AFLI’s Mission is empower people to take better control of their financial lives. We do this through educational workshops giving unbiased informative information and ongoing content and materials. According to various studies as many as 90 percent of American’s site financial stress as the number one concern in their lives. In our four building blocks to financial wellness program we focus on understanding your money, solving the insurance maze, investing 101, and retirement planning basics. Block one, understanding your money, focuses on building a sound financial foundation and discusses how to maximize lifetime earnings, the importance of budgeting, managing your debt, having an emergency cash fund, and the power of goal setting and savings. By partnering with companies, organizations, and municipalities, AFLI is committed to reducing financial stress and giving people the tools they need to feel good about making decisions with their money!





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Heart Attacks


Sometimes referred to as the “silent killer,” heart disease is officially the leading cause of death, claiming over 700,000 people a year.  A single EKG’s and MRI can cost over $5,000, hospital stays can average over $20,000, angiograms can be as much as $30,000, and a heart bypass can cost over $70,000. Drugs can be very expensive, not to mention rehabilitation and ongoing maintenance.  The CDC Foundation estimates that we spend over one billion dollars a day treating heart disease and strokes, with one out of every six healthcare dollars spent on heart care.  The U.S. spends more on healthcare than any other country, estimated by CNBC to total over $3.4 trillion dollars a year with an average of over $10,345 per person.


Over 155 million people are covered under an employer sponsored heath insurance plan.   However, the Kaiser Family Foundation reported that over 27 million Americans don’t have health insurance, with the Hispanic community making up the largest demographic without insurance.  The leading reason that people don’t have health coverage is that it was unaffordable, and with healthcare costs continue to increase at alarming rates, it will only become more prohibitive.


Health Insurance


When you consider some of these statistics, it easy to see why health insurance is very important.



According to The American Cancer Society, roughly 1.7 million of new cancer cases will be diagnosed in 2017.  Men have a 1-in-2 chance of being diagnosed with cancer in a lifetime, while women have a 1-in-3 chance.  Unfortunately, 20 to 25 percent of those cases can be fatal, making cancer the second-leading cause of death.  In America alone, over $100 billion is spent annually in the fight against cancer.  New cancer-treating drugs can cost over $100,000 a year, with one new drug in particular, Keytruda (in the fight against melanoma), running as much as $152,400 a year.  Additionally, cancer drugs are only part of the costs, because there are tests, procedures, possible hospitalization, on going care, drug treatments, specialists, etc.  These costs can spiral out of control.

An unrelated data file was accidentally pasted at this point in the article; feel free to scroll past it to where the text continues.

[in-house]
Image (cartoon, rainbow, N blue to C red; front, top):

Insurance is about protecting yourself, your family, and your assets.  Otherwise known as “risk protection,” it shields us from the financial devastation that can be caused by unforeseen accidents, unplanned expenses, damages, illness, theft, and losses.  Navigating the world of insurance can be overwhelming, but do not underestimate the impact that it can have on improving your financial health.  After all, there is that old saying: “most of us hate paying for insurance, but how thankful are we when we need it?”

While insurance programs can be a balancing act between being insurance rich and cash poor, the hope is to protect against potential financial losses by off-loading unplanned expenses to an insurance company.  In essence, the entire idea of protection is to use the insurance company’s money as opposed to your own.  There are many different types of insurances- but our goal is to make sense of the coverage’s that could be most useful for you.


We could go on and on with savings ideas, but starting small, and adding different savings ideas on a regular basis starts to make a big difference.  It’s about taking small steps to reach the bigger goal, and getting a few wins along the way keeps us motivated.
If we make savings a habit, it’s not difficult.  It’s also very important to set realistic financial goals that are achievable, and to make savings simple.  As we touched on earlier, writing down our goals keeps us accountable, and tracks our priorities to get meaningful results.  If we set saving goals that require big results, chances are we will fall short.  I have seen several studies that estimate only 8% percent of people actually achieve their New Year’s goals, because we make them too hard or unrealistic.  If we don’t know how to set reasonable expectations, or to build a goal plan that we can’t sustain financially, a wish list per se, we will fail. Let’s say that we set a goal of having a down payment to buy a house in 1 year, but it’s going to take $12,000.  Rather than focus on the larger dollar amount, break it down into smaller benchmarks along the way to help get this done, such as $1,000 every month
For example, make a goal to save the same amount every month for 12 months, or cut back on (2) monthly expenses, and put that in savings.  Maybe it’s a priority to pay off our debt; simplifying your approach can make it easier, like shrinking an overall debt down by 10% over the next 3 months, or paying off the highest interest rate debt first.  It becomes easier to stay on track, and to review our progress.  Most importantly, when we see that it’s working, it gives us a psychological boost.   The key is to have a plan, stay focused on your goals, implement better financial habits, and manage your money so you can get results!